Producer: Artisan Spirits (A wholly owned subsidiary of Sula Vineyards)
Bottle size: 750 ml
Price ex Delhi: Rs. 1250.00
A couple of years back, a vodka distilled from grapes was introduced in the global market. It stirred the purists’ hornet’s nest . How could a vodka be made from grapes? Many debates and representations later, the concerned tipple continues to retain its nomenclature as well as a dedicated fan following.
India’s largest wine producer Sula, has charted a similar course with its first ever whisky called Eclipse. Launched in Jan 2017, the whisky goes against the generally accepted norm for a whisky as a grain based product. Eclipse contains a certain percentage of grape spirit too, which makes it a unique proposition.
My first encounter with Eclipse was on a challenging note- at a blind tasting with nearly all genres of world whiskies. There was a particular whisky that had most of us flummoxed. It appeared close to a light and fruity lowland malt albeit with a peaty finish. Being something new on the palate, we could only hazard a considered guess- in my case a particular Speyside whisky matured in two types of barrels.
Needless to say, I felt quite stupid when the shrouds were removed to disclose Eclipse. The consolation however was that nobody else could get within smelling distance (pun intended) of Eclipse. And better, I landed a prize in the tasting, thanks to some old favourite brands that I could discern correctly.
What’s in a Name?
So what is Eclipse all about? In the words of Yogesh (Yogie) Mathur, VP Manufacturing at Sula Vineyards, who is also the Master Blender of the whisky, the name itself implies “auspicious beginnings” that a solar eclipse symbolizes. According to Yogie, Eclipse is modern yet traditional, the twist of grape spirit imparting it a mellow and smooth experience.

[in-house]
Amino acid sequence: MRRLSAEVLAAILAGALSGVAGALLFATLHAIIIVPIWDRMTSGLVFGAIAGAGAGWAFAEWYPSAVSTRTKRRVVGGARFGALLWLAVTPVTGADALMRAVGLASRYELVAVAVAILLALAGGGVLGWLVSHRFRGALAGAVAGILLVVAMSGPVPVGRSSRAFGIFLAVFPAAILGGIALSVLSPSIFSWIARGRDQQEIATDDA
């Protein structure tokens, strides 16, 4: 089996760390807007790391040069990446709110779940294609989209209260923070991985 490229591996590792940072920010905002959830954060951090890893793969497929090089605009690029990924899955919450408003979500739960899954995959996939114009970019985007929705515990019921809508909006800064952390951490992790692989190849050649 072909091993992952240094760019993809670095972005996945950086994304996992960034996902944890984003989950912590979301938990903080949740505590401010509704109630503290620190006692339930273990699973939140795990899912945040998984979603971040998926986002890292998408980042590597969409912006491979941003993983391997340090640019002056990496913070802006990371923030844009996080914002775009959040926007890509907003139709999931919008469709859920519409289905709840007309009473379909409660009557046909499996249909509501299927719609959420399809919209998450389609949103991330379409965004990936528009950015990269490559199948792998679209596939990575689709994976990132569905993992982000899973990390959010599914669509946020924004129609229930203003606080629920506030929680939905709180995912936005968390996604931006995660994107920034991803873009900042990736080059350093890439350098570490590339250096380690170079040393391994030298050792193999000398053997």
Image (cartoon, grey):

The blend of Eclipse constitutes matured grape spirit, grain spirit, malt scotch (I am told that it is from Loch Lomond distillery in the Scottish Western Highlands) and 4.5 years peated malt spirit from a top producer in India. The whisky is aged in Limousin oak barrels (Cognac casks) after its assemblage- a discreet advantage of Sula’s association with renowned French group Rémy Cointreau .
The somewhat squat, rounded bottle of Eclipse has a petite form factor which makes it convenient to hold. A glossy label and a high resolution plush motif in the front imparts it a luxurious feel. But the real surprise comes as you try to unscrew the bottle cap like a regular whisky bottle. Eclipse’s Fabrizio closure telescopes out, which means that you don’t have to remove the cap to pour out the whisky. The sideways pouring aperture gives a similar output like other standard pourers, surely a welcome detail for proponents of free pour.
According to Yogie, they used the Fabrizio closure with the environmental concern of eliminating plastic waste, as the said closure can be removed in its entirety at the time of recycling the bottle. A noble thought indeed!
The spoiler though, is the ubiquitous Excise sticker, the remnants of which refuse to budge even after the most earnest peeling attempt. The excise guys have done their job well, but being unmindful of the aesthetics.
Initially starting at 5000 cases, Sula is targeting 15000 cases of Eclipse this year with the possibility of commencing exports in the near future. The whisky is placed in the same segment as Teachers Highland Cream, 100 Pipers and VAT 69- brands that are already in the firmament. But there is no dearth of consumers wanting to explore and that is where Eclipse can score a point, something which is being validated by its accelerating sales.
Eclipse is presently available in Delhi, Goa, Andhra Pradesh and Telangana with more Indian states to follow.
Nose: Lemon grass, orange peel, wild flowers, vanilla
Palate: A distinctly malty first impression with a hint of sweetness, in all likelihood due to the grape component. The flavor profile develops into citrus fruits and sweet spice, followed by a peatish finish.
Eclipse is likely to appeal to those who enjoy light and fruit forward whiskies without particularly overwhelming attributes such as peat, iodine et al. Its flavour profile is inclined towards malt whiskies from the Scottish lowlands and its smoothness emphasizes its premium demeanour.
My recommendation to savour Eclipse would be in a 1:2 ratio with chilled water or with 5-6 ice cubes gradually diluting the tipple.
But try it, you must!
Packaging: (4 / 5) Smoothness: (4 / 5) Complexity: (3.5 / 5) Value For Money: (3.5 / 5) Overall: (3.7 / 5)